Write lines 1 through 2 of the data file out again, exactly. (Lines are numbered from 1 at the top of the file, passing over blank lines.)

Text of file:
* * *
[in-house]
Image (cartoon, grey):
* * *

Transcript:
[in-house]
Image (cartoon, grey):